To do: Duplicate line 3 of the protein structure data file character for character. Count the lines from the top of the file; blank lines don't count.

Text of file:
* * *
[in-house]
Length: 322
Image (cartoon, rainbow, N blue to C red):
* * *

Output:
Image (cartoon, rainbow, N blue to C red):